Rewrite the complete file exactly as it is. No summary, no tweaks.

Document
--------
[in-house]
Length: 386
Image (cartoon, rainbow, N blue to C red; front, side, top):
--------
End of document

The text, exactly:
[in-house]
Length: 386
Image (cartoon, rainbow, N blue to C red; front, side, top):